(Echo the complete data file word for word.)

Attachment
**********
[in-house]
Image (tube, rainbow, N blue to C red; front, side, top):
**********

[in-house]
Image (tube, rainbow, N blue to C red; front, side, top):